Fat serves as an important dietary substrate for equine athletes. L-carnitine functions in several metabolic reactions and is essential in the transport of fatty acids from the cytosol into the mitochondrial matrix where energy is derived. Fats in the mitochondria provide energy through the process of β-oxidation and the tricarboxylic acid (TCA) cycle. In addition to shuttling fat into the mitochondria for use as an energy substrate, carnitine regulates the rate of β-oxidation of the fats through the activity of the enzyme carnitine palmitoyl transferase I. Carnitine supplementation has been associated with an increase in the maximal oxidative capacity of individuals (VO2max)and β-oxidation in humans and other animals (as noted by low respiratory exchange ratio). Carnitine also buffers acetyl-CoA, which allows for continued ATP generation through glycolysis and the TCA cycle. In order to maintain the TCA to continue to produce energy in the cell, lactate produced in the muscle during contraction needs to be reduced. Rats receiving carnitine supplementation have significantly lower muscle lactate following exhaustive exercise when compared to controls. In humans, carnitine supplementation has been associated with lower exercise plasma lactate levels and improved performance. Lactate levels may also be reduced following anaerobic exercise when carnitine is included as a supplement.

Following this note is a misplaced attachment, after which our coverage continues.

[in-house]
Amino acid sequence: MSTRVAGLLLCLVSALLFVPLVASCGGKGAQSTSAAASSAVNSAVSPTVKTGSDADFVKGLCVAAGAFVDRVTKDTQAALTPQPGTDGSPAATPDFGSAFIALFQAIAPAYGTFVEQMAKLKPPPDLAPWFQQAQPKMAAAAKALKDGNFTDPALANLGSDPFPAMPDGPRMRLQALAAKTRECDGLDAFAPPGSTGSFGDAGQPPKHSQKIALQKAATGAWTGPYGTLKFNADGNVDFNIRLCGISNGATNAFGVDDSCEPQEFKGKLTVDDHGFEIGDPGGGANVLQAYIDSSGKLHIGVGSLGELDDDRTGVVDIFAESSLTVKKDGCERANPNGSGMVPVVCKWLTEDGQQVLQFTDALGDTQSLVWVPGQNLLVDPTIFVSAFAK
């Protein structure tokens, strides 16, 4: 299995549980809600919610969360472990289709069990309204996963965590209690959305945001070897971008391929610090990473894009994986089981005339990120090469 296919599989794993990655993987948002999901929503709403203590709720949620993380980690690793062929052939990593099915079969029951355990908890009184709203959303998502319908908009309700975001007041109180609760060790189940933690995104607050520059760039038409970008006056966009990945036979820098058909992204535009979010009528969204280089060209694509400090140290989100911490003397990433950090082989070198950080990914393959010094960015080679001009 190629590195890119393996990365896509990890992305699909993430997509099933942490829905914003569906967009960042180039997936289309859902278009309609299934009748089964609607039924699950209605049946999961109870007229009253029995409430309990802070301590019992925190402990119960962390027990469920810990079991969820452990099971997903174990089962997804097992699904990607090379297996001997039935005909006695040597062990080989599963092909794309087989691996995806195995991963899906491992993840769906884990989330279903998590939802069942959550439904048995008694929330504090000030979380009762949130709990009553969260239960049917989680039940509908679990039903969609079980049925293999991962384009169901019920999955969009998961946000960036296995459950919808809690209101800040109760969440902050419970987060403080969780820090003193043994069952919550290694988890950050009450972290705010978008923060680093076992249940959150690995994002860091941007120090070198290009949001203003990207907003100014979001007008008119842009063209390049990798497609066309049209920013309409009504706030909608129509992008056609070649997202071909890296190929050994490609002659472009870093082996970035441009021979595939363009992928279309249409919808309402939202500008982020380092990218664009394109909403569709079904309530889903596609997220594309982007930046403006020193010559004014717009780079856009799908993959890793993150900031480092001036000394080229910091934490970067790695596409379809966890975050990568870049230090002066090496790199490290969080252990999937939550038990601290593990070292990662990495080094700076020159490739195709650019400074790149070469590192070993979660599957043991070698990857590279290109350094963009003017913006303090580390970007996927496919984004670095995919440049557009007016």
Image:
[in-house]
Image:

Carnitine also plays an important role in exercise recovery because it is associated with a decrease in post-exercise muscle soreness and reduced serum creatine kinase values. Magnetic resonance imaging shows carnitine supplementation results in significantly less muscle damage in humans up to six days following squatting exercises. One likely mechanism for the recovery benefits of carnitine is through increased capillary vasodilation and blood flow noted in the vascular system. Improved blood flow mitigates exercise-induced muscle hypoxia and subsequent formation of biochemical markers of hypoxic stress and tissue injury. Carnitine supplementation increases the number of androgen receptors and the amount of testosterone bound to the receptor. The support of energy production and modulation of lactate buildup as well as its ability to protect muscle from injury, make carnitine a pivotal dietary supplement ingredient for the equine athlete.